It’s timely then that the 43rd Union World Conference on Lung Health (13-17 November) is focused on sustaining the global TB response. Despite progress, 8.7 million new cases of TB were reported in 2011 and TB remains the number one killer of people living with HIV, accounting for 25% of all HIV related deaths. This stark statistic shows how the TB and HIV epidemics are inextricably linked, which is why it’s vital to link the two responses from policy through to programming. The work of our Linking Organisation in Kenya (KANCO) shows how communities can be a key player in preventing the development of MDR-TB (case study below).
Gains and strains
51 million people have been treated for TB since 1995 and 20 million lives have been saved, according to WHO and there has been a sense of optimism and hope that global targets to halve the number of TB related deaths could be achieved.
Encouragingly WHO has reported that new drugs and technologies to tackle TB (including a new diagnostic device) are on the horizon. However funding and commitment from all the key stakeholders to develop and distribute better drugs and diagnostic machines is critical.
However, when key players in the TB response meet this month, it’s within a context of MDR-TB outpacing the response in many countries. As reported by The Lancet recently MDR-TB is now “up to ten times” more common in some countries than expected.
“A sustainable TB response requires 360-degree commitment… [from] governments, health care systems, health professionals at every level, the media, communities, patients and families” says Dr Nils E Billo, Executive Director of International Union Against TB, the organisers of the conference. Hear more from Dr. Billo here.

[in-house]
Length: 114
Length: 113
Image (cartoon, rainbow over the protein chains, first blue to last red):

Out of the clinic, into the community
For TB to be controlled, many experts agree that better community engagement is needed. From our 20 years of experience of supporting community-led responses we know how important this is. At the global level the Alliance has participated in the development of WHO’s new Operational Guidance on integrating community-based TB activities into the work of NGOs and other CSOs, which uses the aptly named ‘ENGAGE-TB’ approach.
“The document provides guidance on implementing and scaling up integrated, community-based TB prevention, diagnosis treatment and care’’ says Dr Gitau Mburu, the Alliance’s Senior Advisor on HIV and Health Systems, who participated in developing the guidance.
“As the guidance says, NGOs and CBOs need to go beyond facility-based services and fully engage communities in TB activities” Dr Mburu continued.
The guidance gives a number of examples of community-based approaches which will make an impact on the response, including raising awareness, behaviour change communication and community mobilisation.
Some Alliance Linking Organisations are already supporting community-based organisations to implement some of these activities.
Door-to-door in Kenya
For instance, KANCO advocates for improved HIV and TB integration and engages communities in the response.
Evelyne Kibuchi, KANCO’s Senior TB Advocacy Manager tells us more about how former TB patients are an important part this work: “Recognising the key role of patients and communities in the response, the first ever group of former multi-drug resistant TB patients in Kenya has now been formed. They are committed to using their experience to educate communities and advocate for better TB control. Engaging former patients has been an effective strategy to sensitise communities on the importance of completing TB treatment, as this is one of the key factors in drug resistance.”
A recent example of this can be seen in a sensitisation exercise in Kianda village in Nairobi. Here, former TB patients joined volunteers who went from house-to-house and reached over 300 residents with TB information. A number of people who had defaulted on TB treatment were identified, counselled on the importance of completing treatment and referred on to services.
Read more about KANCO’s TB advocacy and sensitisation work here.